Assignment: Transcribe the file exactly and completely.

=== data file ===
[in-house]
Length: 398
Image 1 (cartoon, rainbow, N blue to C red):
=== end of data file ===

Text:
[in-house]
Length: 398
Image 1 (cartoon, rainbow, N blue to C red):